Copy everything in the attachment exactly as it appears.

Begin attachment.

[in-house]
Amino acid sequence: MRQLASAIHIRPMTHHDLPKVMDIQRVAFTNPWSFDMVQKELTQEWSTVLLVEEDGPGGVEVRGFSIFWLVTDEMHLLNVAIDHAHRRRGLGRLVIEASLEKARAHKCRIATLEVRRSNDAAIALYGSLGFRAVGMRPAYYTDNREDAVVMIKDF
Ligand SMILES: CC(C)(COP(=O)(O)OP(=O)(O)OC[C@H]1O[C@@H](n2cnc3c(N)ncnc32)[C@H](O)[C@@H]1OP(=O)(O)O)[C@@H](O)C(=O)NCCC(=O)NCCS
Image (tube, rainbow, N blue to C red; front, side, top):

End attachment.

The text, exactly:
[in-house]
Amino acid sequence: MRQLASAIHIRPMTHHDLPKVMDIQRVAFTNPWSFDMVQKELTQEWSTVLLVEEDGPGGVEVRGFSIFWLVTDEMHLLNVAIDHAHRRRGLGRLVIEASLEKARAHKCRIATLEVRRSNDAAIALYGSLGFRAVGMRPAYYTDNREDAVVMIKDF
Ligand SMILES: CC(C)(COP(=O)(O)OP(=O)(O)OC[C@H]1O[C@@H](n2cnc3c(N)ncnc32)[C@H](O)[C@@H]1OP(=O)(O)O)[C@@H](O)C(=O)NCCC(=O)NCCS
Image (tube, rainbow, N blue to C red; front, side, top):